Shallot (Allium cepa Aggregatum group)

The shallot (Allium cepa var. aggregatum, or A. cepa Aggregatum group) is the botanical variety of Allium cepa to which the multiplier onion also belongs. It was formerly classified as the species A. ascalonicum, a name now considered a synonym of the correct name. In Australia, the term “shallot” can also refer to scallions, while the term eschalot is used to refer to the shallot described in this article. The term “shallot” is further used for the French gray shallot or griselle, Allium oschaninii, a species growing wild from Central to Southwest Asia, which has been considered to be the “true shallot” by many[citation needed], and to the Persian shallot, A. stipitatum, from the Zagros mountains.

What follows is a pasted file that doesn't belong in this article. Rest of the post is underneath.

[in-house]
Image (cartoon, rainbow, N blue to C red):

As a variety of onion, shallots taste somewhat like a common onion, but have a sweeter, milder, and yet richer and more complex flavor. Shallots tend to be more expensive than onions. They can be stored for at least 6 months.
Shallots are extensively cultivated for use in fresh cooking, in addition to being pickled. Finely sliced deep-fried shallots are used as a condiment in Asian cuisine (often eaten with porridge).

 

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